The last card-inspired story concerns Private Louis Salvatore (‘Spud’) Murphy, a bandsman turned stretcher-bearer who was so severely wounded at Gallipoli that he had to be sent back to Australia well before Christmas, 1915. His final months in England were spent at Harefield Hospital where he met Lady Birdwood and her daughter. According to Spud,
Lady Birdwood took a furnished cottage close to the hospital, so as to be near the Australian soldiers. Her daughter was nursing in the wards. A couple of mates and myself were lucky in being singled out for special kindness and hospitality. We used to go to tea at the cottage nearly every evening, and were made thoroughly at home. Last Birdwood called for us regularly and took us round. She is the best type of English lady, and our general has a Heaven-sent helpmate.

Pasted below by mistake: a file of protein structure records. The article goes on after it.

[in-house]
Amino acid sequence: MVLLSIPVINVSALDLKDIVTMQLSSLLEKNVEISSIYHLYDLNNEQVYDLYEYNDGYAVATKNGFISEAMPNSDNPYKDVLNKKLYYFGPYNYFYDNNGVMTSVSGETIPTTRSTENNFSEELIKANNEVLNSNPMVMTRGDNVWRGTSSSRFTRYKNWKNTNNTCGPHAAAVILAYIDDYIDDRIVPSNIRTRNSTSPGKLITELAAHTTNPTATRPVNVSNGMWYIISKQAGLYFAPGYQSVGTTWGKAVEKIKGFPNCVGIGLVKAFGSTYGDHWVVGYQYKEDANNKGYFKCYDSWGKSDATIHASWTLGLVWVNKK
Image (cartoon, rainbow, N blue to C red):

Now back in Manly convalescing with his brother-in-law, Spud ‘”got a surprise last Saturday [15 January 1916], when I received this beautiful Christmas souvenir and kind letter from Lady Birdwood. They’re the kind of people who don’t forget you.”‘ Sent from Thurlby Hall, Lincoln, and dated November 30, the letter read in part:
This card has been published for the boys at home in hospital, but I know you will like to have one — as a souvenir of your time with the Anzacs. Though you will not be able to go back, you will always be glad you have done … your share in helping to keep the flag flying for the old country and her sons. We shall think of you on Xmas Day and hope that you will be having a happy time with your people. … Judith sends her love, and with all good wishes, your sincere friends, Janetta Birdwood.
‘”Now isn’t that letter something to be proud of?” said Spud.’